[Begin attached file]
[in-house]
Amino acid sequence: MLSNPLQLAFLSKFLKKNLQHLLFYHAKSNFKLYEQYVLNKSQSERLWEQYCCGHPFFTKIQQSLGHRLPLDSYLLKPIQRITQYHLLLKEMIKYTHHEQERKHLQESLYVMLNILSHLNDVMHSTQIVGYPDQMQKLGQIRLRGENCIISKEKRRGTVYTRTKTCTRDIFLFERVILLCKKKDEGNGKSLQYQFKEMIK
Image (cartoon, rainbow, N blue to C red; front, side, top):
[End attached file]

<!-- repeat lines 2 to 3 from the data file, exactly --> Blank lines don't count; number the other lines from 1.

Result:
Amino acid sequence: MLSNPLQLAFLSKFLKKNLQHLLFYHAKSNFKLYEQYVLNKSQSERLWEQYCCGHPFFTKIQQSLGHRLPLDSYLLKPIQRITQYHLLLKEMIKYTHHEQERKHLQESLYVMLNILSHLNDVMHSTQIVGYPDQMQKLGQIRLRGENCIISKEKRRGTVYTRTKTCTRDIFLFERVILLCKKKDEGNGKSLQYQFKEMIK
Image (cartoon, rainbow, N blue to C red; front, side, top):